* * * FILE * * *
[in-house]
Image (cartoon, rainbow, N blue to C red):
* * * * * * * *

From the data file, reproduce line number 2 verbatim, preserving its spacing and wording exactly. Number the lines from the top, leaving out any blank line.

Image (cartoon, rainbow, N blue to C red):